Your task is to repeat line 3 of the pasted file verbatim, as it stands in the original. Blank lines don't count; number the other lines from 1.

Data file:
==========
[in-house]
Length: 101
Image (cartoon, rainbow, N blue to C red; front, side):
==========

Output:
Image (cartoon, rainbow, N blue to C red; front, side):